“Nick was a really good kid,” Maria said. “Mindful and sweet, athletic, energetic, so full of life. He was kind to everyone, and they all loved him. He was as comfortable with adults as he was with his peers and would talk to everyone in the room. He always liked to make sure people were included.”
Grissom emphasized that the Bales’ grief journey did not end at the remembrance ceremony, and more than two years later continue to walk a difficult road. Yet he noted that the tragedy of suicide is not beyond God’s redemptive work.
“What happened at the remembrance ceremony was all about the things that Alpha is built around—prayer and dependency on the Holy Spirit,” Grissom said. “God is unfolding His plan and allowing us to be a part of it. Only He could write a story like this.”
He hopes that Alpha will continue to be a place where families like the Bales can ask honest questions and find hope in Christ.
“Jesus was asked 183 questions in the New Testament,” Grissom said, “And He only answered three directly. Even His way of ministering to people—especially those outside—was to ask questions and let people wrestle with the answer until they came to a place of receiving the truth.”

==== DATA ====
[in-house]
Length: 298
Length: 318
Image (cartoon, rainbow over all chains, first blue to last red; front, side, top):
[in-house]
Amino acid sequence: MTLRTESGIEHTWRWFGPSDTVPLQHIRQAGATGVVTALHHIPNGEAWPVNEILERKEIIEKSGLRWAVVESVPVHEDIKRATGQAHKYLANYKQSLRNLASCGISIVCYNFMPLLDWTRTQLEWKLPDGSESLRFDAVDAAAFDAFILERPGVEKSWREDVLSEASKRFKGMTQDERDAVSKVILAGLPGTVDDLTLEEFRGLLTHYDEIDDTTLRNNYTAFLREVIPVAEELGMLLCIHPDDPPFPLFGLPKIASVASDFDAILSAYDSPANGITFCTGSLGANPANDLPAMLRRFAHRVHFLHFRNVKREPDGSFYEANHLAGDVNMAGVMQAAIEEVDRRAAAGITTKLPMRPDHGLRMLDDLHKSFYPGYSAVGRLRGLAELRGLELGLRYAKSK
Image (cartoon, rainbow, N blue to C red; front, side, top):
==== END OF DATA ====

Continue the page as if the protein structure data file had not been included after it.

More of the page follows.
The Bales family now runs BTR as a registered 501(c)(3) non-profit organization called the Nick Bales BTR Foundation. The Foundation continues to produce “Street Wear for a Cause” and supports teens suffering from mental health issues and aiding in the prevention of teen suicide.
“All the proceeds go to helping pay for therapies for those less fortunate,” Maria said. “We don’t ever want young adults to make a permanent decision because they could not afford therapy.”
by Kiki Schleiff Cherry
If someone you know exhibits warning signs of suicide, the National Suicide Prevention Lifeline at 800-273-TALK (8255) is a free, 24/7 service that can provide suicidal persons and those around them with support, information, and local resources.